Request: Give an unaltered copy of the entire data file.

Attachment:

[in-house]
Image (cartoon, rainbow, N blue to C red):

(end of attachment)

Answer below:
[in-house]
Image (cartoon, rainbow, N blue to C red):